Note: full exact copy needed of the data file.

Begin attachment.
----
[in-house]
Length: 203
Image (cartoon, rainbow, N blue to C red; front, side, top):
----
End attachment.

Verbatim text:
[in-house]
Length: 203
Image (cartoon, rainbow, N blue to C red; front, side, top):